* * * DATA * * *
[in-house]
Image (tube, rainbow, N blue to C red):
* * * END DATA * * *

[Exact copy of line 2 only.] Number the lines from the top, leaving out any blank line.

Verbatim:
Image (tube, rainbow, N blue to C red):